Welcome to the Rotary Club of Gettysburg

Are you an established professional who wants to make positive changes in your community and the world? Our club members are dedicated people who share a passion for community service and friendship. Becoming a Rotarian connects you with a diverse group who share your drive to give back.
Club News
The Rotary Club of Gettysburg, which is now the parent club of the former New Oxford-Conewago Valley Rotary Club, monthly recognizes high school seniors from New Oxford and Bermudian Springs High Schools based on academic achievement, school leadership, extra-curricular involvement, community service and character.  The students recognized in September are Jason Lookenbill from New Oxford High School and Emily Swartz from Bermudian Springs High School.
At next Monday’s meeting- students from the Gettysburg Community Theatre, Lion King Day Camp will entertain us during our meal before our regularly scheduled program.
John Kramb  received the award for 2019.  Pictured above (L to R) PA State Representative, Dan Moul, PDG and Honoree, John Kramb, President Brad Hoch and District Governor, Paddy Rooney.
Rotary Club of Gettysburg President Brad Hoch believes John Kramb is “a man of commitment, action and heart.”
The Orrtanna resident has been busy since joining Rotary in 2005. He has not only donated thousands of dollars to the Rotary Polio Plus Fund, which works to eradicate polio around the world, but he has also taken three trips to India to help administer polio vaccines to children.
Kramb, a polio survivor, received the club’s Dwight David Eisenhower Humanitarian Award at its meeting Monday at The Gettysburg Hotel. The award is given almost annually to someone who has dedicated their life to public service, club vice president and past recipient Ken Farabaugh said.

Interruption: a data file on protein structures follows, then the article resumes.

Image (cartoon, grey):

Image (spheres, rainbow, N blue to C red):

“John Kramb is a man of action who puts his money where his is mouth is,” Hoch said. “John believes in hard work and service above self.”
Hoch noted that in addition to participating in mission trips to India and donating to the cause, Kramb inspires others to do so. He has served as Rotary Club of Gettysburg president, district governor of Rotary District 7390 and is currently foundation chair for the district.
“Just think of the dent in this society you have made by doing what you are doing,” Rep. Dan Moul, R-91, said.
The Palm Springs, Florida, Chamber of Commerce first presented the humanitarian award to Eisenhower in 1967. It was transferred to the Rotary Club of Gettysburg in 2003. The club solicits nominees annually but only presents the honor when it believes it has a nominee whose humanitarianism resembles that of the former president.
Dr. Michael Birkner, Gettysburg College professor of history, said Eisenhower was especially honored to receive the award because it is one of few times the highly-decorated Army general was recognized for his humanitarian work. Birkner cited Eisenhower’s expansion of the Social Security System and availability of the polio vaccine as examples of his care for people.
“This is a president whose policies make those possible,” Birkner said.
Kramb is not normally a man of few words. Several times a week, he speaks to Rotary clubs throughout the state, hoping to inspire others to give more of themselves. Monday, a visibly emotional Kramb was at a loss for words.
“I am very humbled that I was selected for this honor. Thank you,” he said.


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